Rabbit Nutrition


General dietary advice

Hay or grass (essential to maintain gastrointestinal & dental health and should make up most of the diet) – feed a minimum of 70% hay a day, the rabbit should eat it’s own body size in good quality hay a day.

Vegetables and small amounts of fruit (not fruit high in simple sugar)- feed 1 handful twice daily. Please avoid avocado.

Commercial pellets (pellets are better than mixes to avoid selective feeding and obesity!) – feed dwarf and standard rabbits 1 tablespoon daily and Giant breeds 2 tablespoons of pellets daily MAXIMUM.

Don’t make any sudden changes to your rabbit’s diet as this could upset its digestive system.

Provide fresh water at all times from a drinking bottle or bowl. Make sure this doesn’t freeze if your rabbit is outdoors in winter. Try both a drinker and bowl to find out which your rabbit prefers.

If the rabbit’s eating habits change, the number of droppings gets less or stops, or there are soft droppings sticking to its back end, the owner must talk to a vet straight away as it could be seriously ill.

Recommended dietary items to feed:

  • Fresh grass grazed or hand picked (not lawn mower clippings)
  • Good quality hay (not dusty or mouldy), mixed meadow or Timothy is best
  • Dandelion leaves
  • Cabbage
  • Carrots
  • Celery
  • Beans
  • Chickweed
  • Mixed meadow or Timothy hay (must always be available)
  • Grass
  • Lettuce
  • Maize (including sweet corn leaves)
  • Peas
  • Peppers
  • Swede
  • Turnip
  • Sweet potatoes
  • Tomatoes
  • Water cress

Good treats (offer only in small amounts):

  • Herbs including parsley (maximum 2 sprigs a week), chives, camomile, coriander, thyme, mint Slice or core of apple or pear.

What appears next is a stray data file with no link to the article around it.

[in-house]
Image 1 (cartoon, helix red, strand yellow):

• Berries including blueberries, raspberries, blackberries, cranberries, strawberries (maximum 2-4 a week).
  • Roses and rose leaves, nasturtiums, carnations (grown in your own garden with no chemicals).

Dietary items to offer only in small amounts (these are high in calcium):

Alfalfa hay, pellets or treats

Commercial rabbit diet (e.g. pellets or muesli mix) – 1 table spoon for small and medium rabbits, 2 for Giant rabbits.

  • Carrot tops
  • Clover
  • Goosegrass
  • Kale
  • Sowthistle
  • Spear Thistle
  • Shepherd’s purse
  • Swiss chard
  • Beet Greens

Dietary items to avoid

Human food – biscuits, bread, ryvita, weetabix, nuts, avocado

Alfalfa hay, pellets or treats – too high in calcium for adult rabbits, rabbits under 6 months old may be given a pinch once a week maximum.

Signs of ill health – call your vet if you see any of these,

  1. As rabbits are a prey species they will hide disease, so the first time you see any signs you must act quickly.
  2. Change in appetite – eating more or less of a particular type of food is an important sign of ill health in rabbits. Rabbits must eat every day. 8 hours of anorexia will cause some liver disease. Change in droppings – smaller, less or no droppings are an important sign of ill health in rabbits. Rabbit’s intestines must move continuously.
  3. Change in drinking- increased thirst is a common sign of mouth pain or a kidney disease.
  4. Decreased thirst may be seen with dental disease.
  5. Wet chin is a common sign of dental disease or head pain.
  6. Sneezing or runny nose or eyes are all an important signs of ill health in rabbits. This could be due to dental, respiratory or eye disease.
  7. Mucky bottom or urine scalding are important signs of ill health in rabbits.
  8. Bleeding or discharges from any where should be assessed by your vet.
  9. Limping, change in grooming behaviour or wounds should be assessed by your vet.

If you have any concerns contact your vet

This information was developed in association with the University of Edinburgh Rabbit Clinic, R(D)SVS

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